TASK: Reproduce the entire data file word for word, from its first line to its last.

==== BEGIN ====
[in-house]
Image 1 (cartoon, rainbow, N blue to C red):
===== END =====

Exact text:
[in-house]
Image 1 (cartoon, rainbow, N blue to C red):